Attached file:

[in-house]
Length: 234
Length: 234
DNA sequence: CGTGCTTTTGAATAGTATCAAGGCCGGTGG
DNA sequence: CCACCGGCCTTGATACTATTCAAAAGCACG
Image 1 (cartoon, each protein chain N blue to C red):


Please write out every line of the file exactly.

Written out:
[in-house]
Length: 234
Length: 234
DNA sequence: CGTGCTTTTGAATAGTATCAAGGCCGGTGG
DNA sequence: CCACCGGCCTTGATACTATTCAAAAGCACG
Image 1 (cartoon, each protein chain N blue to C red):